The proper way to us this function is to have a reusable emty film cassetts  on the recieving end to keep the explosed film in the cassette such that it will be in total darkness.. Before you want to cut the film, you will advance the film by 2 frames and cut it.
Exakta was made in Dresden way before the second world war. It was a united Germany. It was pretty wealthy.

10
PowerShot / Re: Convert the PowerShot N into a Rolleiflex Style Camera
« on: January 15, 2015, 12:34:35 PM »
If the waist-level viewfinder is to be true to form, then the image has to be upside-down and left to right.
This was the main reason that waist-level viewfinders got taken over by penta-prisms.

My first SLR camera was an Exacta Varex.
Not only was the film cutter handy, but the camera was designed for left handers.
Where are the lefty cameras today?
You are right about the left and right reverse on the finder. But the image in the finder IS NOT up side down.

11
EOS-M / Re: Why do I keep my Eos M?
« on: January 09, 2015, 12:32:21 PM »
The M becomes my travelling camera. It is small, lightweight, and gives me great picture. The AF is definitely slower than the DSLR. But during travelling, 95% of my pictures are scenery and buildings (both exterior and interior). Therefore the slower AF does not bother me. As for changing setting due to the touch screen, It is a problem. I combat it by using a wrist strap and  turn the camera off more often. On a 11 days trip, I have just mess up the setting once. After that I just form a habit of checking the setting before shooting. Both the 22mm and the 18-55 mm lenses have very small amount of distortion, very suitable for photo stitching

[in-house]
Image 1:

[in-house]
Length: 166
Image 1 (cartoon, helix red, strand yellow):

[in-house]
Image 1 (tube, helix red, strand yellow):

12
I took my EOS-M to Turkey on a 11 days land tour on October. I did not miss my DSLR. Thereare some inconvenience. Please read my "EOS_M in Turkey" post. I would buy the 18-55mm lens for the trip for convenience. Your line up does not have a lens with IS.

13
Call me skeptical. The whole video looks like it is staged with a trained elephant and the guy that takes the video is waiting to take the video.

14
PowerShot / Re: New PowerShot(s) for CES Next Week [CR1]
« on: January 03, 2015, 01:37:11 AM »
I don't think we're ever going to see a 24-200mm (equiv) with an aperture range of anything remotely like f/1.4-2, but keep on dreaming, you crazy kids! I wouldn't mind being proven wrong, but this seems ridiculously unrealistic.
It is not too crazy, 1" snsor has a mutiplication of 3 for focal length. Therefore 200mm equals 67mm. Therfore the front element can be about 34mm in diameter or just slighly larger.  It is a piece of cake. The question is how much will Canon charge us and how fast is the AF.

15
PowerShot / Re: New PowerShot(s) for CES Next Week [CR1]
« on: January 02, 2015, 08:20:48 PM »
"1″ Sensor & 24-200 f/1.4-2.0 IS Lens"

Sounds good
Throw in the fast AF it will be a great travel camera. I will never be pocketable.